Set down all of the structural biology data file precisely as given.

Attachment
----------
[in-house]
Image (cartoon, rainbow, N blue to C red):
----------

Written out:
[in-house]
Image (cartoon, rainbow, N blue to C red):